What goes around comes around they say, along with other equally useless phrases like “all good things come to an end.” China has had a good financial crisis of that we don’t doubt. Growth remains robust and has not only carried the country through double digit growth while the west has gone backwards but it has carried much of Asia along with it, bringing increased prosperity to South Korea, Taiwan and many neighboring economies. Perhaps the prime minister, Wen Jiabao, in March of last year can be forgiven for crowing “What is great about socialism, (is that it can) make decisions efficiently, organize effectively and concentrate resources to accomplish large undertakings. In the eyes of many, authoritarianism has gained a new legitimacy. With an enormous state machine as China enjoys, one can indeed organize and achieve on a mammoth scale. China has allowed its provincial and municipal governments to spend unprecedented amounts of money over recent years. The money has gone toward investment largely by local governments in infrastructure projects that will have some kind of income stream in the future, capable, at least in part, of servicing the debts incurred. But a recent Economist Intelligence Unit article reports Fitch as estimating up to 30% of this local government debt could turn bad. So how much are we talking about I hear you ask? Well a recent study by the People’s Bank of China showed that these debts stood at Rmb14.4trn (US$2.2trn) at the end of 2010, equivalent to approximately 35% of GDP. This is on top of the central government’s relatively modest debt equivalent to about 20% of GDP.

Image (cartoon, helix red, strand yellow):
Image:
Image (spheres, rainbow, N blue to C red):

Source: The Economist
As these graph show, although China’s GDP has risen strongly, with current projected trends to continue, debt has shifted from banks and central government to the less regulated local government level. This, either directly or via special financing vehicles for which the local government will ultimately have responsibility. The EIU reports that a central government rescue of around 20% (never mind the 30% estimated by Fitch) of the local government debt would take a significant bite of GDP, possibly as high as 8%. For purposes of comparison, this sum would exceed the US Troubled Asset Relief Program (TARP), the 2008 bailout in the US, equivalent to just under 5% of GDP. With massive foreign exchange reserves, Beijing can handle such sums. However, interest rates (and personal savings rates) will take the impact as they will likely remain low and in reality rates already appear negative. Those personal savings finance government borrowings but the low interest rates paid depress attempts to move the country toward a more consumption and less investment led growth model.
The fear relates to a slow down in the housing market and manufacturing could meet a rise in non performing bank loans. As a result, China faces continued negative real interest rates on deposits slowing attempts to move the economy toward more internal consumption. If the EIU’s scenario pans out, China could find itself in a prolonged period of more modest growth in the years to come. We have seen this before with China. But in the future, the slowing rate of urbanization and an aging population will limit the vibrancy of that economic recovery. We can only guess whether the wonders of socialism will continue to guarantee robust growth for the next generation.